The photo is part of the biometric information stored on the chip in your (biometric) passport.

  • I used to never take my global entry card , but I read an article on the Points guy about people going through GE in OHare earlier this year and they were required by two Homeland security guards. to show their cards before they were allowed to use the machines. So now I carry mine along with my passport and cdc card.

  • edited June 19

    Terrye,

    Thanks. That is good enough reason for me to carry it from here on out.

  • When I was on the Hawaii tour last August, Tauck purchased all of the inter-island flights. I noticed that my boarding pass did not have my TSA Pre-check on it, and I showed my global entry card to one of the TSA agents, but she wouldn't accept it, and I had to wait in a long line. That happened to several others, too. Of course, we all got on the same flight, so I would have been waiting in line or waiting in a seat after security. First world problem!

  • I looked up the Points Guy article it was May8, 2022. I need to correct the airport it was at Washington Dulles coming in from London Heathrow..

  • Related to MCD's post and the Hawaii trip, prior to the trip, I set up an account with Hawaiian Air, including my GE/TSAPC number,. I didn't care about the FF miles, as I don't expect to be back there any time soon, but with the hope that the Tauck-booked intra-island flights would get linked to my account and I'd get Precheck on my boarding passes. It worked! I was the only one in the group with Precheck that didn't have to go back to the ticket agent to present the number and have the boarding pass reissued.

    On that note, it was surprising how many on the tour didn't have precheck. Then I realized many weren't seasoned/frequent travelers like those on most of the other tours I've done (mostly exotics) or the frequent posters on this forum.

  • These cards are the size of a credit card. We carry these any time we carry our passports.

  • Always carry them along with passport.Never had to take them out for any reason.Face ID At GE in airports is a great time saver.

  • We always carry our card. We were asked to show them once because people were trying to cut the line and use pre tsa lines when they weren’t qualified. It was busy. We also use them when coming back on a cruise. Many times the staff in the cruise terminals won’t let u in the global entry line without showing the card.

  • We also had the problem of pre check not showing, that was on my boarding pass, not my husband’s so he went through, they wouldn’t let me through, we had never noticed the error. I did not understand what the agent wanted me to do and did not believe I had Global entry. She told me I had to go back to the check in desk, I did not want to, it was crazy down there and security was really quiet in all lines. She thought I was trying to refuse, I was trying to explain I would go through regular security instead,she was rude and frightening me. I just went through regular security straight away and learned a lesson to check my pass in future.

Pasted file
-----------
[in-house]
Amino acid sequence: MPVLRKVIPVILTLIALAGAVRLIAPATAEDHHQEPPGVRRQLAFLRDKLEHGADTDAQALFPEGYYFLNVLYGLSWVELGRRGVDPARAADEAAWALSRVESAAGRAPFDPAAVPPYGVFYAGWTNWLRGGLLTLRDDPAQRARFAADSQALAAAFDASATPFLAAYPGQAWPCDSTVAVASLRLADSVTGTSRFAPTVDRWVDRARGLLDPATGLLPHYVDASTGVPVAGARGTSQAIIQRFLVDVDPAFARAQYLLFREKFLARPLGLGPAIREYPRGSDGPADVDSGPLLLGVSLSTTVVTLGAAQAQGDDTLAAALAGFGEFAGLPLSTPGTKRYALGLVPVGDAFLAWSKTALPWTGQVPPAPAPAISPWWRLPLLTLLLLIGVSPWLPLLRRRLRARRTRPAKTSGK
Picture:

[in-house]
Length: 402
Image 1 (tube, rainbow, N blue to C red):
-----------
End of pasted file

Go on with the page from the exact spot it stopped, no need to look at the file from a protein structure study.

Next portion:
Thanks to everyone for all this advice .

  • I’ve learned to always log into the airline before a flight takes off. I check and double check all the personal information. I have been surprised what is not there which can make the difference between a boarding pass having TSA pre-check printed on it. You can always insert any pertinent information is that missing such as a global entry number, special dietary requests, the correct e-mail and correct cell phone number to receive texts messages about a flight. The list goes on. When I hang r checked, problems occurred.

  • edited June 20

    I have also gotten boarding passes with no pre-check on them. I went through regular security, then had the AA Admirals Club agent fix it. It only took a minute. She said someone had entered my number three times and that is why it was not working. We carry them because it is a “real” ID, as our California driver’s licenses are not … you can pay extra and jump through hoops to get a California Real ID driver’s license, but I see no need to do that. We have passports and military ID’s which are both real ID’s.

  • You mean you have to pay to get real iD in California? We don’t in PA

  • I alway carry mine with my passport and the number is shown under My Profile for Delta. It also serves as a visual reminder to double check the boarding pass before proceeding to the correct line.

  • Yes British … in California you must pay extra for a real id driver’s license. It is more complicated than getting a Global Entry card. The wave of the future?

  • In Arizona we paid a little extra for the real id driver's license, but it was no where near as complicated as for a Global Entry card. We don't have waves in Arizona. :D

  • I thought getting my Global Entry card - even the first one which required an interview - was way easier than renewing my drivers license even though I opted not to get the Real ID version. Thought I had brought all required documents including my passport, military ID, utility bill, etc. Barely got it done in one visit and only after my husband went out to the card and rummaged around for one more piece of paper. I didn't see any need for the Real ID with a military retiree card and passport. Never use my drivers license to board a flight anyway.

  • Real ID drivers license took about one hour. I brought the required documentation, filled out the form, waited my turn and I was done.

    For Global ID, I'm talking the first time for both of these documents, I had to fill out a form, request an interview time slot, drive to Phoenix (at the time there were no locations in Tucson) for the interview, wait for approval, wait for the card to show up. I believe this process took about a month.

Sign In or Register to comment.